I Miss You

January 21 2019 | by

DEAR DR. POPCAK: I am a professional researcher at an American University. This is the fifth year since my wife Laura’s death. I loved her deeply, but she was taken away from me by lymphoblastic leukemia in just two months, leaving me with two wonderful sons who are now 7 and 15 years old. In these five long years I have been living as if suspended in an inner void, and I have tried to escape from it by devoting all my time and affection to my two children.

Two years ago I began a relationship with another woman, but after a while I grew tired of her, and the relationship ended. Laura ‘comes to visit me in my dreams’ almost every night, and I often have the impression that she is beside me. In the first year after her death I was counseled by a psychologist, but Laura is still very much alive in my heart.

Is the Lord, and Laura, trying to tell me that I should remain single?


To lose a spouse is a particularly painful trial and, despite what some people may tell you, there is no particular time period by which you are required to be “over it.” 

I can’t possibly tell you whether God wishes for you to marry again or not, but I can offer some thoughts about how you can begin to more clearly discern God’s plan for the next chapter of your life.

Most importantly, we need to begin with looking at what grief is and what it isn’t.  Most people think that grief is the process of “letting go.”  It isn’t.  Grief is the process of searching for healthy ways to remain connected to the person who has passed on. People often become stuck in an extended state of grieving when they feel trapped between the pressure of friends and family to “let go and move on” and the overwhelming—but perfectly understandable--guilt that comes from feeling that doing so would be a betrayal of the person who died and all the things we shared with them.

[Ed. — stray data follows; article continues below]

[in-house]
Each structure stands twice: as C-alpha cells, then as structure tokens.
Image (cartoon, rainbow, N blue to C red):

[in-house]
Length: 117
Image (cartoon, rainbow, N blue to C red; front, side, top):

We often respond to this sense of “stuckness” (between the desire to ‘let go’ and the need to hold on) by developing an obsession with the person who has died.  We find ourselves constantly distracted by intrusive thoughts of the person. Rather than being a source of comfort and connection (as they are with healthy grief), these thoughts can be a source of torment and confusion.  We can feel as if we are being haunted. On the one hand, we wish these feelings would go away, but then we feel even guiltier, because thinking these thoughts can make us feel as if we wished the person would be dead and gone for good.  Of course, there is no part of us that really wants this, so we end up clinging to the grief even more intensely as a kind of penance for the perceived betrayal of our loved one’s memory.

The only way to resolve this experience of obsessional grief is to actively cultivate healthy ways to remain connected to your wife and to make her a healthy, positive part of your daily life.  The Christian has a particular advantage in this regard because we believe that those who sleep in Christ are more alive than we are (cf. Rom 14:9, 1Ptr 1:3). While death does represent an unnatural separation of body and soul, those who have died remain alive in Christ and anticipate the resurrection of the body at the end of the world.

You can begin this process by spending some regular time in prayerful reflection about what your wife’s life meant to you.  Take out your old photos and thank God for the good times you enjoyed together. Write down the most important things she taught you about yourself and about life.  Talk to Laura.  It isn’t crazy.  She is still part of your life and she still loves you. Pray for her soul. Ask her to pray for you and your sons.  Ask her advice about your daily decisions, including your struggle to know whether you are meant to marry again someday.  Don’t rush.  Take time to let this new phase of your relationship with Laura develop.  It may sound odd to think of it this way, but it is important to remember that, for the Christian, death is not merely part of life.  It is the next stage of our life in Christ. 

I don’t know if you will marry again or not. Although you are certainly not obliged to do so, there is nothing in our Catholic faith that would prevent you from finding love again. What I can say is that you won’t know what God—and Laura—wish for you and your children until you have resolved your grief, not by letting her go, but by finding healthy ways to make her a meaningful and life-giving part of your life moving forward.
For more ideas on discerning God’s path, check out my book, The Life God Wants You To Have.


Updated on January 21 2019